Scene Analysis Essay, Research Paper Scene Analysis The intent of this paper is to analyze a few points in Shakespeare’s Play, “The Taming of the Shrew.” During scenes i and iii of Act IV, Petruchio has taken Katherine to his country estate. It is here that Petruchio will manage to transform and conform Katherine to playing the role of a benevolent wife.
Scene Analysis Essay, Research Paper
The intent of this paper is to analyze a few points in Shakespeare’s Play, “The Taming of the Shrew.” During scenes i and iii of Act IV, Petruchio has taken Katherine to his country estate. It is here that Petruchio will manage to transform and conform Katherine to playing the role of a benevolent wife. Petruchio’s strategy is a very good one that causes Katherine to realize that her shrewness will not be tolerated and she must switch roles from shrew to benevolent wife.
The Falcon, that Pretruchio’s mentions during his monologue (IV.i.201-225), is a symbol of Katherine. Petruchio has to figure out a way to make her into the wife that he wants. To do this, he trains her like he would train a falcon. He denies her food and sleep until she is willing to do anything that he wishes. He also shows her prizes such as clothing and food, which she desires, and then takes them away. She, like the bird, comes to depend on him for these things and realizes it is her duty to love and serve him. All has been planned in his mind in advance: “Thus have I politicly begun my reign,” he says, where “politicly” means “with careful calculation” (IV.i.157). The goal of this strategy, as in his first meeting with Katherine, is to bend her hostile temperament into benevolence by turning everything against her; to “kill a wife with kindness” (IV.i.177).
Clearly, Katherine is affected by this treatment, especially by the excuses he gives for his behavior; she complains to Grumio that “that which spites me more than all these wants,/ He does it under name of perfect love” (IV.iii.11-12). This hinders her ability to react to his actions with her typical anger, since he seems to have the best intentions. And yet, it is remarkable that she does not see through Petruchio’s facade, and realize that he is doing everything simply to frustrate her. Most likely, she does in fact suspect foul play–indicated by her use of the phrase, “under name of perfect love”–but does not wish to stand up to him on this point.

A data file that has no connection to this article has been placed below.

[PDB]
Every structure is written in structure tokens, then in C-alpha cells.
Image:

Katherine does, once again, try to draw the line at one point; when Petruchio tries to throw away the cap that the tailor made, which she very much likes, she has had enough, and tries to establish some position. “I trust I may have leave to speak,/ And speak I will. I am no child, no babe I will be free/ Even to the uttermost, as I please, in words” (IV.iii.73-80). Unfortunately, not even this is enough to get her so much as the cap in the end; she may be free in words, but her words now fall upon deaf ears, which is the source of her frustration. Before she met Petruchio, even though her words were rarely taken well, at least she could be assured of a reaction to them, and she seemed to take some delight in the reaction she could get from men. Now, her words are ignored even when she removes their edge, and asks for the simplest courtesies. Now indeed she cannot choose, for though she is powerless with Petruchio, she would only endure greater shame if she fled him and returned to Padua.
Also, in Scene 3 Shakespeare seems to insert another bit of social commentary through the mouth of Petruchio, concerning the importance of clothing. He says that it is “the mind that makes that body rich;/ And as the sun breaks through the darkest clouds,/ So honor peereth in the meanest habit” (IV.iii.164-166). This is the same sentiment that Petruchio expressed earlier to Baptista, and the repetition should make us take notice. The Induction seemed to claim that clothes could in fact change the man, just as Sly was changed from a drunkard to a nobleman. Here, Shakespeare is suggesting that this is not really the case. Of course, we know that the trick with Sly will only last so long, and that sooner or later he will be put on the street again. The key is how this relates to Katherine’s situation. In which role–”shrew” or wife–does Katherine really belong, and in which is she only play-acting? She seemed unhappy in both of them, and it may be that she is suited for neither; and yet, as her resistance fades in the face of Petruchio’s persistence, she seems to choose the married life by default. Has she really lost all that much by losing her hot temper and sharp tongue? That depends, of course, on what replaces them.
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